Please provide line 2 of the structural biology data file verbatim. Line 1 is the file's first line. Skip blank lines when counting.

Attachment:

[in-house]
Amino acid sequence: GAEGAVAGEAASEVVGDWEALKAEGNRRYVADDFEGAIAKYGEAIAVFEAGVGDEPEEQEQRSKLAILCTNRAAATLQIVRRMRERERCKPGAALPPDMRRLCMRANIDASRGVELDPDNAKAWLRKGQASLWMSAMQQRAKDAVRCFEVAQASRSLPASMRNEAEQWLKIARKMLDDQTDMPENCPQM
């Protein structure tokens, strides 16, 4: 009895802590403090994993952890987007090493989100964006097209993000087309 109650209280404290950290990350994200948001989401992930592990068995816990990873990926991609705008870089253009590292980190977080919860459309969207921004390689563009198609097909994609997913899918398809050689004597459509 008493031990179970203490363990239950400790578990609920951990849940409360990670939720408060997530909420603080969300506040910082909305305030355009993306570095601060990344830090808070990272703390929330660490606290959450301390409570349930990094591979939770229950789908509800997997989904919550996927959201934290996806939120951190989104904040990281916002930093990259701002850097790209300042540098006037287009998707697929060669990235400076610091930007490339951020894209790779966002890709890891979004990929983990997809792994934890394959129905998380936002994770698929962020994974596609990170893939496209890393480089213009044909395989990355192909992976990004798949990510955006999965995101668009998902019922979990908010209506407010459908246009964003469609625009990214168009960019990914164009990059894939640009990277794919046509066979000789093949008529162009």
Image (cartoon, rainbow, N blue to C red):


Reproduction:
Amino acid sequence: GAEGAVAGEAASEVVGDWEALKAEGNRRYVADDFEGAIAKYGEAIAVFEAGVGDEPEEQEQRSKLAILCTNRAAATLQIVRRMRERERCKPGAALPPDMRRLCMRANIDASRGVELDPDNAKAWLRKGQASLWMSAMQQRAKDAVRCFEVAQASRSLPASMRNEAEQWLKIARKMLDDQTDMPENCPQM